Wednesday, February 19, 2014

February 19: Food and water in Rwanda

You've probably heard me talk about the food here in Rwanda in my previous blogs. I asked one of the locals if they eat the same things that we've been eating. I was told that they're not a cuisine culture. They don't eat to enjoy their food, they eat to survive. They often only eat one meal a day, so when they do eat it's mostly very high in carbohydrates. The only spices I've seen here are salt, and once in a while, there's this small bottle of hot sauce. You only need a few drops of this liquid fire on your entire plate. Plantains, rice, beans and potatoes are their main staples.

Water is very important here as well. You can see people every day collecting water from lakes or filling stations. They fill old plastic paint containers and tie them to their bikes (if they have them) or carry them home. Very rarely you may see a huge black holding container outside of larger businesses that collect rain water from the eves. These are extremely expensive.

This week we ran out of water and had to hire a guy with a bike to bring us water. He charged $100 Francs for each container and he could carry 6 on his bike at a time. This took him about 2 hours for each trip. He would come back sweating like crazy! We asked if he was tired and hot and he just smiled and said, "No, it's my job." He made 4 trips for us. He made $24,000 francs that day. He was soooo happy!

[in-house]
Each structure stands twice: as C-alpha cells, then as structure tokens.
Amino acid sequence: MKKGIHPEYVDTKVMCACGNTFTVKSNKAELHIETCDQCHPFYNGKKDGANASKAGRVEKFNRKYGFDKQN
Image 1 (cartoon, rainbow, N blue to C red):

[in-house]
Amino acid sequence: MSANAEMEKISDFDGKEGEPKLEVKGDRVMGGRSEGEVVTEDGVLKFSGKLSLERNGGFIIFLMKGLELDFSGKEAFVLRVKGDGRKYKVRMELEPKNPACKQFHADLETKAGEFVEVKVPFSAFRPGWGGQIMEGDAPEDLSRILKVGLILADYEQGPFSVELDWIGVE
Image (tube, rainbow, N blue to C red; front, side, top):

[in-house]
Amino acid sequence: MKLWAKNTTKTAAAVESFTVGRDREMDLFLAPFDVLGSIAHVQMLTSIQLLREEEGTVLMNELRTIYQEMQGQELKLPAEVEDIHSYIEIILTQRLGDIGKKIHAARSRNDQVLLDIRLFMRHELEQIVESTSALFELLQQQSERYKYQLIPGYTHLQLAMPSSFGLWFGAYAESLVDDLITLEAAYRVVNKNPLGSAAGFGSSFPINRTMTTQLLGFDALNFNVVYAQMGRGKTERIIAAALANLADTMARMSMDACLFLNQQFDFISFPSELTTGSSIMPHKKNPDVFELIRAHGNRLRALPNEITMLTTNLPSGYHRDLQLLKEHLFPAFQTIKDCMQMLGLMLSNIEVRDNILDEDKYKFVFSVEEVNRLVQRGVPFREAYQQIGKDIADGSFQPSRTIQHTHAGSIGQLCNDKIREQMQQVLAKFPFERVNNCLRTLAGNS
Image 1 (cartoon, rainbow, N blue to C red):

So to put that into perspective, beer here costs about $700 francs, which is approximately $1 Canadian dollar. The masons who work on the building with us (below mixing cement on the ground) make about $3 CAN per day.

The Rwandans are extremely proud and hopeful. They waste nothing. We think nothing of letting our water run while brushing our teeth or throw away so much food. There are some many things that we take for granted in our every day lives.

Sandra is reading a book with the kids at the center as we take a break.

We've been here in Rwanda for almost 2 weeks now, working along side the locals in long hot days.  They will greet us each day with a huge smile, a hand shake or hug.  Not once have I heard a harsh word on anger amongst anyone.  If anyone gets the opportunity to experience this amazing place I would strongly recommend it. It will change you forever.

Todd Drake
DWC Volunteer Participant
Rwanda, February 2014

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